Chicago-based artist Joshua Harker has launched a Kickstarter project to fund the creation of his 3-D-printed ornate skulls — going against the conventional route of selling via a gallery.Crania Anatomica Filigre — is an exquisitely detailed 3-D-printed human skull which comes in three different sizes.
Until Oct. 24, art lovers are able to pledge anywhere from $1 to $1,500 toward his project. Those who pledge at least $50 will get their hands on a small, palm-size skull sculpture; $100 will bag you a medium one and $250 will get you the large version (roughly life-size).
Harker has spent 20 years working on a drawing style where he creates “morphic, organic, knotted, unmakeable things” that he calls tangles. However, until recently they have been impossible to turn into sculptural forms. He explains: “Because of their complexity there was no practical way to create them sculpturally.”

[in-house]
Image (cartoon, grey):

However, in the last five years a perfect storm of software, technology and materials engineering have come together to allow him to create his artworks in 3-D. “This the first time in history that these kind of forms have been able to be made,” he says.
The skulls were designed using CAD software and then he used selective laser sintering using polyamide to create the skulls, layer by layer, before hand-finishing them.
Harker opted for the Kickstarter model to get his work seen and collected by more people. “The traditional way of communicating, exhibiting and selling art is profoundly changing and I intend to embrace it,” he says. “The idea is to offer my work for a limited amount of time directly without the extraneous exhibition costs and markups … a sort of pre-release. I will make as many as are pledged for in the next 45 days … be it one or a million billion.”
A million billion? Good luck with that, Josh.
See images of Crania Anatomica Filigre in Wired UK’s gallery.